Registered Mail: To document that the school received your report by mail you should always mail your documents by Registered Mail which requires the person who receives the package to sign for it. USPS then mails back to you that signature form as proof that the recipient received the report. It only costs a few dollars but it is priceless as far as it's legal value as proof you sent the report.

 

The wrong ways to provide the school with the report:

 

Emailing the Report: We do not recommend emailing the report. While you can send an email with a "Read Receipt" requested, the recipient has the right to refuse sending a Read Receipt. Even if they do approve sending the Read Receipt there is conflicting information as to whether this is a legally binding method of tracking whether someone actually received something from you. So, we do not recommend emailing the report. You can, however, email a scan of the report in addition to sending it by our recommended methods above. In your email state, "Attached is an electronic version for your use. Please note a hard copy sent via Registered Mail on MM/DD/YYYY."

 

Sending by Regular Mail: Placing your documents into an envelope and sending them by regular mail provides you with no proof that you sent it, and no proof that the school received it. Without that proof, you have no way of ensuring the school responds within 15 school days.

 

Leaving at the Front Office without Signature: Dropping off the report at the front desk without getting them to sign proof of receipt is not recommended. Yes, the receptionist may be friendly, they may know you by name, they may be in your book club. Without a signature from them saying they received your documents you have no legal proof the school received the report and if it gets lost after you dropped it off leaves you with no recourse.

 

Response to Intervention (RTI)

 

 

Before agreeing to provide your child with a FIE or a referral to special education, the school may decide to first refer your child to the  Response to Intervention (RTI) team [please note that this team may have a different name at your child’s school]. RTI is a method of trying to address academic problems using scientifically-based strategies. Some of these interventions may be the same ones children receive with special education, but at a less intense level. These interventions allow the school to try strategies to help your child without labeling him/her “special education.” For example, for a young child who is struggling with learning to read, the school may recommend intensive instruction in phonics (learning letter sounds).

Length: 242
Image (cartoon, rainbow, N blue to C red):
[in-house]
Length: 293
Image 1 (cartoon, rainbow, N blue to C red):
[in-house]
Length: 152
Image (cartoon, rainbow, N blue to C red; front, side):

Obviously providing training in phonics on Monday isn’t going to result in a drastic improvement in reading one week later. Most interventions take time to have an effect. While RTI provides the child with opportunities to benefit from helpful strategies without actually labeling the child as a special education student, there are criticisms. For example, there is no specific time frame upon which the school determines if an intervention is working or not. It could be 6 weeks, 6 months, or even a year. If the intervention(s) don’t work, then the child could possibly fall behind even further as time goes by. Second, learning difficulties can be caused by a variety of factors (an actual learning disability, problems with hearing or vision, inattention, memory problems, depression), yet RTI uses the same strategies regardless of the cause. In other words, RTI treats all students the same and does not take into consideration a student’s specific strengths and weaknesses. Without a comprehensive evaluation, it is hard to pinpoint exactly where the impairment in learning is.

 

What's important to note about RTI is that the school cannot legally delay performing a Full Individual Evaluation (FIE) on the premise that they want to wait to see if the interventions work.

 

 

Summing Up Part II

 

The end result at this point is that you should have a fairly good grasp of what you should and shouldn't do to start the dialog with your school about your concerns about your child's educational success.

 

Part III will delve more fully into the Timelines that the school has to respond to requests, and it will also discuss what is an Independent Education Evaluation (IEE) and how it functions. 

 

 

 

 

Finally, Some "Dos and Don'ts"

 

Do: Know the process, and know you can appeal decisions

Do: Send all correspondences in writing

Do: Send all documents via Registered Mail

Do: Ask Questions; Seek Advice if you're not sure about something

Do: Alert your recipients that you know their legal obligations

Do: Demand all responses be in writing

 

Don't: Be afraid to disagree with the school's decision

Don't: Make any agreements over the phone

Don't: Send documents in regular mail or email

Don't: Let the school ignore you or use the 'we lost it' excuse